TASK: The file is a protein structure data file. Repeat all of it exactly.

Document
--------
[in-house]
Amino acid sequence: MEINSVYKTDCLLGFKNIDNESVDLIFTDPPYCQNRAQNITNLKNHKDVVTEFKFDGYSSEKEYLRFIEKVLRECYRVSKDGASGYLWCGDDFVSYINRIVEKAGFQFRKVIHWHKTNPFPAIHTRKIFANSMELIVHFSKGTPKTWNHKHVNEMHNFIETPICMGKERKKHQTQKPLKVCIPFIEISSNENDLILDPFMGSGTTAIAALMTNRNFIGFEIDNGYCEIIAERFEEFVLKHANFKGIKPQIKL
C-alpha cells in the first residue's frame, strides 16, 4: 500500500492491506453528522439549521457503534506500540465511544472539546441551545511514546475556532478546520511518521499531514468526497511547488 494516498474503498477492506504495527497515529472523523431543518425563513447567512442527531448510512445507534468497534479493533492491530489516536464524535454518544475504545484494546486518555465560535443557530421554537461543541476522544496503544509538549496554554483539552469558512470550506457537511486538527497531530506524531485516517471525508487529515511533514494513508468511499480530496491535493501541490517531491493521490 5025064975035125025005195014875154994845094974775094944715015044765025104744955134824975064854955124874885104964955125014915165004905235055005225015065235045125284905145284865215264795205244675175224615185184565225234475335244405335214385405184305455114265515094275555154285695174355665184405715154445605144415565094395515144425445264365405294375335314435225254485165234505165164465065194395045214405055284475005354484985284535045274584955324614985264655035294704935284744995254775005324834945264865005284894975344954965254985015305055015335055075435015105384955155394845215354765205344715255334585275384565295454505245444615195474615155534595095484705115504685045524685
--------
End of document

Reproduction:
[in-house]
Amino acid sequence: MEINSVYKTDCLLGFKNIDNESVDLIFTDPPYCQNRAQNITNLKNHKDVVTEFKFDGYSSEKEYLRFIEKVLRECYRVSKDGASGYLWCGDDFVSYINRIVEKAGFQFRKVIHWHKTNPFPAIHTRKIFANSMELIVHFSKGTPKTWNHKHVNEMHNFIETPICMGKERKKHQTQKPLKVCIPFIEISSNENDLILDPFMGSGTTAIAALMTNRNFIGFEIDNGYCEIIAERFEEFVLKHANFKGIKPQIKL
C-alpha cells in the first residue's frame, strides 16, 4: 500500500492491506453528522439549521457503534506500540465511544472539546441551545511514546475556532478546520511518521499531514468526497511547488 494516498474503498477492506504495527497515529472523523431543518425563513447567512442527531448510512445507534468497534479493533492491530489516536464524535454518544475504545484494546486518555465560535443557530421554537461543541476522544496503544509538549496554554483539552469558512470550506457537511486538527497531530506524531485516517471525508487529515511533514494513508468511499480530496491535493501541490517531491493521490 5025064975035125025005195014875154994845094974775094944715015044765025104744955134824975064854955124874885104964955125014915165004905235055005225015065235045125284905145284865215264795205244675175224615185184565225234475335244405335214385405184305455114265515094275555154285695174355665184405715154445605144415565094395515144425445264365405294375335314435225254485165234505165164465065194395045214405055284475005354484985284535045274584955324614985264655035294704935284744995254775005324834945264865005284894975344954965254985015305055015335055075435015105384955155394845215354765205344715255334585275384565295454505245444615195474615155534595095484705115504685045524685